March 20, 2012
ALPA Galvanizes Industry Efforts to Combat
Conference Highlights Necessary Action to Build on New Safety Regulations
WASHINGTON – The Air Line Pilots Association, Int’l (ALPA), gathered representatives from government agencies, the airlines, and other aviation labor groups at a landmark conference this week to explore how the Federal Aviation Administration’s new pilot fatigue rule could be put into practice and how the airline industry can implement Fatigue Risk Management Programs and other tools to further enhance aviation safety.
“While the Federal Aviation Administration’s release of new, science-based pilot fatigue regulations was extremely important progress in passenger-carrying operations, much more work must be done if we are to truly eliminate pilot fatigue as a safety concern throughout the airline industry,” said Capt. Lee Moak, ALPA’s president. “The Air Line Pilots Association, Int’l, seized the opportunity to bring the industry together to roll up our sleeves and explore how the new regulations will be implemented to ensure a smooth transition to the new FAR Part 117 and position pilots to deliver on their commitment to the highest standards of safety.”
At the conference, more than 160 participants held wide-ranging discussions on all aspects of implementing the new flight- and duty-time regulations and minimum rest requirements, as well as innovative approaches to the fatigue challenge, including making the most of tools such as Fatigue Risk Management Systems to allow flexibility while enhancing safety.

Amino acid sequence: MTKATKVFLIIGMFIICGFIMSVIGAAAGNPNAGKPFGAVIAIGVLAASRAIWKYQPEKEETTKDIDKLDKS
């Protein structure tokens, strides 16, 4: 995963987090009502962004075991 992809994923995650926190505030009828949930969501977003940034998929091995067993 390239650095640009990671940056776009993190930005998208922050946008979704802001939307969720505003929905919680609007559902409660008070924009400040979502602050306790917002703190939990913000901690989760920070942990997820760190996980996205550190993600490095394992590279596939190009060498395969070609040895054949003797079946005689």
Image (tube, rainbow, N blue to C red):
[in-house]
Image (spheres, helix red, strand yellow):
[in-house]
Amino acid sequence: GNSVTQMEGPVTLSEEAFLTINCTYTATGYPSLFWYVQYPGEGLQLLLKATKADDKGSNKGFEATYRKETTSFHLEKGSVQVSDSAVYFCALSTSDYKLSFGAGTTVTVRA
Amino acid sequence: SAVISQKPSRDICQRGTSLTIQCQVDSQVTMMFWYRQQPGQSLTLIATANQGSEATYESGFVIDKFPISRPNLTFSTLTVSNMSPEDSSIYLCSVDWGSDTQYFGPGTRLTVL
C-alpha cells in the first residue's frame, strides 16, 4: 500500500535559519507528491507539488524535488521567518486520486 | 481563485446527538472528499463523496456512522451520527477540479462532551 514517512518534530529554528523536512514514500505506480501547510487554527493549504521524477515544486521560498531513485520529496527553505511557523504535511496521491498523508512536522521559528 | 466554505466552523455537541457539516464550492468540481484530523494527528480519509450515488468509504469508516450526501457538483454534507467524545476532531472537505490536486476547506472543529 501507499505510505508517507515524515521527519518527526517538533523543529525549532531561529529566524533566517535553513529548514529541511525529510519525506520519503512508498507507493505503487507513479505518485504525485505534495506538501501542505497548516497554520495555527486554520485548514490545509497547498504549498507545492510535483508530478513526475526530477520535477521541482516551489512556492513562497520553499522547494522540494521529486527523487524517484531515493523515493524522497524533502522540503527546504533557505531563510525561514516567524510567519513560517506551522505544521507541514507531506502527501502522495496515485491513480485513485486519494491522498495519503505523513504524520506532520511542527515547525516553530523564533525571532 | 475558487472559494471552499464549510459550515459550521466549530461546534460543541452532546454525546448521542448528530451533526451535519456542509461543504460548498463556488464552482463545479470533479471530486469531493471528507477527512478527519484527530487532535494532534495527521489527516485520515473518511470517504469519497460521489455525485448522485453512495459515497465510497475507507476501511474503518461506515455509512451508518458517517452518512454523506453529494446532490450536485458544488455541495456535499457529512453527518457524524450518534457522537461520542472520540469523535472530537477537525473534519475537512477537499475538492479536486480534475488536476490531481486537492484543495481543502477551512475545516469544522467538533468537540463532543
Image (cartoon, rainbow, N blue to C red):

“The monumental achievement embodied by the FAA’s new science-based regulations was not without political interference and the result was a ‘carve-out’ that excludes pilots who fly cargo from this important safety regulation and places them at a lower level of safety,” said Capt. Moak. “ALPA will not waver in its commitment to achieving ‘One Level of Safety’ throughout the airline industry. A fundamental component of this goal includes applying the new fatigue rules to all professional pilots, regardless of whether they transport passengers or cargo. As long as pilots who fly cargo are excluded from these critical safety regulations, ALPA’s work is not complete. We are committed to achieving the same high safety standards for all air carrier operations, and to including pilots who fly cargo in the FAA’s new pilot fatigue regulations, which represent a monumental improvement in aviation safety.”
Founded in 1931, ALPA is the world’s largest pilot union, representing more than 53,000 pilots at 37 airlines in the United States and Canada. Visit the ALPA website at www.alpa.org.
CONTACT: ALPA Media, 703/481-4440 or email@example.com